the fox with the golden fur


My love affair with packaging has resulted in me buying an assortment of crazy things that I will probably never open or use. I own a beautifully illustrated box of Swedish tobacco chew that I will never consume, a small container of bobby pins from the ’20s with pink flamingo branding and Japanese rice paper envelope packaging that is too gorgeous (and fragile) to peel open. As open as I am to such non-functional purchases (they’ve inspired many projects and decorations), I relish the chance to buy beautiful packaging that I would actually consider opening, using and enjoying.



A great example is this incredibly elaborate chocolate packaging by Ultra Creative in Minneapolis. Inspired by fairy tales, The Fox with the Golden Fur is an amazing storybook, a paper-cut shadowbox and a set of illustrated chocolate wrappers. While these chocolates are part of a creative project and (sadly) aren’t for sale, I would happily tote these home with me to eat (it holds a pound of chocolate — that’s about one weekend’s worth, right?) and then keep for inspiration. Until that’s possible, you can read more about the project and check out details here. Thanks to Kristina for sending this over. xo, grace

More images after the jump . . .


Sarah

Sooo pretty from my home town MPLS! I’ve never seen anything like it! Please, please, please let us buy it!

christina

very pretty, a sweetened Joseph Cornell with a dash of shadow puppetry!

But I don’t totally understand – were the chocolates shelved inside that beautiful miniature paper theater-box? Or is the paper cut-out box a completely separate project from the chocolates? (I.e. do you pull out the chocolates to reveal the theater? That would be cool).

tera

How lovely! I used to have a nice collection of vintage match boxes. Alas, somewhere during one of my 38 moves (yah, I know…) I lost them.
Thanks for sharing!

Julia 's Bookbag

THIS IS INCREDIBLE! I am also a wee bit confused. Is it just the chocolate that is not for sale, but the book is for sale? Or none of it is for sale. In any event, truly amazing work.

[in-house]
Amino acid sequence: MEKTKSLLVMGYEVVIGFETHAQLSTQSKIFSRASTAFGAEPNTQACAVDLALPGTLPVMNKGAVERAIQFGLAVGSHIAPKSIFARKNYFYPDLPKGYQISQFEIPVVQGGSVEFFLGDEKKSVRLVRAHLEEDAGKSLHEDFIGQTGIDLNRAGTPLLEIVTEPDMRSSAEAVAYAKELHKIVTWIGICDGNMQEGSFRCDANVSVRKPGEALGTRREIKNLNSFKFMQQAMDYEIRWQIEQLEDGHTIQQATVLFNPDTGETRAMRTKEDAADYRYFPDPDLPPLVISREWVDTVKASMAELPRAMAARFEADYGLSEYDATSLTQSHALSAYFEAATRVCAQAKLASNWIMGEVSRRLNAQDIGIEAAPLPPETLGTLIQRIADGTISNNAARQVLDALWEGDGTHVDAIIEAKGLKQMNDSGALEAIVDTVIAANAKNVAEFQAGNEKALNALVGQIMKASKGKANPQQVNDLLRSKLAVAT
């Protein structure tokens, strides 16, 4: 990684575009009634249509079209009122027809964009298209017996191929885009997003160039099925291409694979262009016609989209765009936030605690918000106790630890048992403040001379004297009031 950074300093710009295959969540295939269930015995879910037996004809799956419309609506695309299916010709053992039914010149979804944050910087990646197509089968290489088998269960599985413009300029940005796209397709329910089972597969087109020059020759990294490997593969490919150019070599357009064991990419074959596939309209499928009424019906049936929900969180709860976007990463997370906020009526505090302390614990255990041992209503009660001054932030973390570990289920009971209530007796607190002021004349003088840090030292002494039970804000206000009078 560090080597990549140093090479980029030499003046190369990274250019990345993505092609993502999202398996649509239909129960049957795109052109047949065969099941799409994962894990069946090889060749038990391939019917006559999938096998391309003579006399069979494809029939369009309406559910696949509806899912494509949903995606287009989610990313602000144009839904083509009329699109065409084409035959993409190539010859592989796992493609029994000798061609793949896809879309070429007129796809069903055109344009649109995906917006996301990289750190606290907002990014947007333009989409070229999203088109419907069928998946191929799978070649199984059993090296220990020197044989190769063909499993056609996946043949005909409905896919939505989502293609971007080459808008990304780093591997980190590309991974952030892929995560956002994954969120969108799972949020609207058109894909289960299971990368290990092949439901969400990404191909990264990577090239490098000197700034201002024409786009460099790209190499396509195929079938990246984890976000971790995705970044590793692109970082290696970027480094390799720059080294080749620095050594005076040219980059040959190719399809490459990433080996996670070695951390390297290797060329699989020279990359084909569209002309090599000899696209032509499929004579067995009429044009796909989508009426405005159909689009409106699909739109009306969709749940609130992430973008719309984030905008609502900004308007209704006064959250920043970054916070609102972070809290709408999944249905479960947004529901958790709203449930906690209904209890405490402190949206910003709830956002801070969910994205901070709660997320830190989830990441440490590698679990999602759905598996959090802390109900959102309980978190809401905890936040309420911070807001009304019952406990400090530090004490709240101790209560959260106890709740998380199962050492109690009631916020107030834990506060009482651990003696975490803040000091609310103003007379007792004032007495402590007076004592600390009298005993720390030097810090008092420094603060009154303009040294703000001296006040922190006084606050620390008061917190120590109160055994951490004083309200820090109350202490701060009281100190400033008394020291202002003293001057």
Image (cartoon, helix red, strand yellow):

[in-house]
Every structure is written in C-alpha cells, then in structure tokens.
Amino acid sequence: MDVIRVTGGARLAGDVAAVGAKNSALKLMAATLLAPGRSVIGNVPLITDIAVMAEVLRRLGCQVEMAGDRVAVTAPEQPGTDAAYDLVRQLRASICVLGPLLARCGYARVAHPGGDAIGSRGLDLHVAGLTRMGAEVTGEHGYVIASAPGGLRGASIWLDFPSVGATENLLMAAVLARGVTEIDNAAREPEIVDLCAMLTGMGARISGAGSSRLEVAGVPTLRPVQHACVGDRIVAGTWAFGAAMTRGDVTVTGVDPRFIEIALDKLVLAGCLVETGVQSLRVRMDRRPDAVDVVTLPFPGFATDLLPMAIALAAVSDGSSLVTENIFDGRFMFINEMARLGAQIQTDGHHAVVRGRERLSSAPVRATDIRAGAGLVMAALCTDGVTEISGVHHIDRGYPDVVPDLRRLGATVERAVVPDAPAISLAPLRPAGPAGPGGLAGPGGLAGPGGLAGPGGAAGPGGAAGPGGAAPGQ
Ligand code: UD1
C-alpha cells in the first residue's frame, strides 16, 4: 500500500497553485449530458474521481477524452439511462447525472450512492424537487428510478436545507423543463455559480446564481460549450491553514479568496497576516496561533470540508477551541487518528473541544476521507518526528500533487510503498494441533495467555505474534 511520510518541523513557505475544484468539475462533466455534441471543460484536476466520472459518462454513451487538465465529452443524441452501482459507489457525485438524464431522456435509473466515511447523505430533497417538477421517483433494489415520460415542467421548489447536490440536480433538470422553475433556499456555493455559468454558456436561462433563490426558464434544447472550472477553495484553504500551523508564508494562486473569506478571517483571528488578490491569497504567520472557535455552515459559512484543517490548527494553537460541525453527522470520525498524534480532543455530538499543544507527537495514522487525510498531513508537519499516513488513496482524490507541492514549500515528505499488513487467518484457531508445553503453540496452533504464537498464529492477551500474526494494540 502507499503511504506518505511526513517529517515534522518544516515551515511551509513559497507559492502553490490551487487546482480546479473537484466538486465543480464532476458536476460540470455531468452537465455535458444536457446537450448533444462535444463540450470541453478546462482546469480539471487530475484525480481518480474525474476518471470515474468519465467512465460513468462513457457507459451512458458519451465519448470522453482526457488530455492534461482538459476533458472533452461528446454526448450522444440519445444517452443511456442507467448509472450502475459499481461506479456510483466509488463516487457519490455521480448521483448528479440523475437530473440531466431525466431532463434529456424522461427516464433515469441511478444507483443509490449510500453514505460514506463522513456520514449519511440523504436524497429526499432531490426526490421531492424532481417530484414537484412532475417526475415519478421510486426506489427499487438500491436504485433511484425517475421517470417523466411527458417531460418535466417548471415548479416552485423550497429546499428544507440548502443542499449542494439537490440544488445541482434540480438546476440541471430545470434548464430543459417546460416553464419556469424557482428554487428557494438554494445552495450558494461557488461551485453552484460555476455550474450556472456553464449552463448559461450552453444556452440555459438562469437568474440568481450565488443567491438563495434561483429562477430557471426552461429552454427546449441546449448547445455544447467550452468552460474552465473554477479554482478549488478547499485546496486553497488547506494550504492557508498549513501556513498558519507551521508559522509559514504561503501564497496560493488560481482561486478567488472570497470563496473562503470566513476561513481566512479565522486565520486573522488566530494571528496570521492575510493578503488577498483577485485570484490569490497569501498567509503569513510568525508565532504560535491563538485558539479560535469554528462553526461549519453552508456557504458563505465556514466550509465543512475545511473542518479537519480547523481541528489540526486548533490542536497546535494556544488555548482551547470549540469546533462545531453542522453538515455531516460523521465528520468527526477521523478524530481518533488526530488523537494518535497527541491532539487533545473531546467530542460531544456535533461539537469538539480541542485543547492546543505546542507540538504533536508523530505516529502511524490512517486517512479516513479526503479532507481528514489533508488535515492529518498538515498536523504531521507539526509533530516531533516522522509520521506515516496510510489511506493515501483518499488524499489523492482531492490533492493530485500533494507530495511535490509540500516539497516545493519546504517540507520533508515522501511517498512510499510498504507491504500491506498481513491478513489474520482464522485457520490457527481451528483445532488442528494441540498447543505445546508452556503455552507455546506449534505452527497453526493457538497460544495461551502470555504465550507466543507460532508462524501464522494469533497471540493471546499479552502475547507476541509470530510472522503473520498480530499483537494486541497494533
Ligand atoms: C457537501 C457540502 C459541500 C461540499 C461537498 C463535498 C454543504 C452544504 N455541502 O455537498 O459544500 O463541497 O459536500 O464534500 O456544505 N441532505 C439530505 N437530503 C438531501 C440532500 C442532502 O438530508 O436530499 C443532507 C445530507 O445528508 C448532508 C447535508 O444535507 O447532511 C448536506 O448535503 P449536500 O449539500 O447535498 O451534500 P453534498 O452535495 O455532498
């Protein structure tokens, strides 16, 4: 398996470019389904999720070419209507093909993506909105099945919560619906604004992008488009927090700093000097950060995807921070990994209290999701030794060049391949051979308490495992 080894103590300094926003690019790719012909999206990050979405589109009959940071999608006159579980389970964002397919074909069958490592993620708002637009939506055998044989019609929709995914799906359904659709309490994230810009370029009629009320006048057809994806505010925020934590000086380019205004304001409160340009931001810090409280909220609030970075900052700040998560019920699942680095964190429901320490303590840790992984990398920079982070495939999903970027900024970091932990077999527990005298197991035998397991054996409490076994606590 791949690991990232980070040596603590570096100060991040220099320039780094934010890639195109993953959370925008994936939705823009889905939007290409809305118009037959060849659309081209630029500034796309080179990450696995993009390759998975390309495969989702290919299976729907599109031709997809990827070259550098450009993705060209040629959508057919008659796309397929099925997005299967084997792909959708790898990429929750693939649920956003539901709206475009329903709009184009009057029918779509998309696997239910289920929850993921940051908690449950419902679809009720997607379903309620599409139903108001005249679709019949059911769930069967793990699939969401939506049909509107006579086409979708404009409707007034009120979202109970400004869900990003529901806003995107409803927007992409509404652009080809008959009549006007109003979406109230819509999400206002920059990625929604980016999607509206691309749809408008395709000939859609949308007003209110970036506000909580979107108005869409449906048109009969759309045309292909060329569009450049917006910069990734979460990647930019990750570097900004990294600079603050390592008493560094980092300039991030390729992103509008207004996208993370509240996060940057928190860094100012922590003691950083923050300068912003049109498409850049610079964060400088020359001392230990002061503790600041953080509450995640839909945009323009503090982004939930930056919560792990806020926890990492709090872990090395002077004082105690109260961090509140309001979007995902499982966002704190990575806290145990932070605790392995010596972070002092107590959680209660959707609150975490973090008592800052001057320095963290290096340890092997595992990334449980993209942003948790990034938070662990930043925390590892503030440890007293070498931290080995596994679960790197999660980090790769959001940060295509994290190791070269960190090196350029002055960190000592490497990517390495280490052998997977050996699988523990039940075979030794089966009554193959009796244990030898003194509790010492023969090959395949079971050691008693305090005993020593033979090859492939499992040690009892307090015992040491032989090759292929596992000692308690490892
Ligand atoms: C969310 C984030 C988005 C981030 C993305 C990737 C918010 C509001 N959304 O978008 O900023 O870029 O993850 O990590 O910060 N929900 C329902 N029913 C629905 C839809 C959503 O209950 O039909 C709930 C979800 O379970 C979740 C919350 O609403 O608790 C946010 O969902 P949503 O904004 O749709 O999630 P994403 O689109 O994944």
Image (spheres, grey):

Rachel

This is gorgeous! It looks too delicate to use, really. I love papercuts, and have always thought they would be great for telling a story of some kind. I hadn’t ever thought of using them to package food, though! Brilliant. As much as I love chocolate, I would have a hard time allowing myself to eat it, for fear of tearing up those illustrations while trying to unwrap the candy!

Tan

Oh my goodness that is BEAUTIFUL!
I was first introduced to book cut out art like this in art class in university. I love that I’m seeing it more and more now. It’s just such beautiful, delicate work.

Jade Bentley NZ

Wow…… Love love love. The beauty of chocolate and paper delights. So creative!!!! Want please!!!!!

Bruce

Chocolate ! Chocolate ! Chocolate ! The wrap is pretty cool too !!!!!!

Ty

To answer a few of the other comments: Yes, both the book and the chocolates are housed inside the shadowbox. The book is the first piece that slides out. As the reader follows the narrative, a chocolate bar is removed to reveal the next scene. As each bar is removed, we are taken deeper in to the story and deeper in to our little shadowbox. Gorgeous illustrations on the wrappers separate the layers of intricate laser diecutting. These layers are surprisingly durable if handled with a reasonable amount of care.

Lisa

very beautiful, but where is it for sale? I can’t find it anywhere and am guessing it is just a design project, a show-off piece…
the Ultra Creative site is also fun, but very time-demanding hence annoying. You might be able to locate information if you stay and play for a while, or if you already know where to click, but in about 5 efforts I got no into about this book, and a clue about several other projects, and their staff…tired me out.
no one else seems to have more than this set of pictures….help!

Amy Azzarito

Lisa –
Please read the post above. Grace says “…these chocolates are part of a creative project and (sadly) aren’t for sale”

I understand that it can be frustrating to see something on a website that you can’t purchase, but oftentimes, it is this very exposure that can send a product to the market. If you want to go one step further, you can email the company and let them know how much you love their work and would love to purchase it.
Thanks,
Amy

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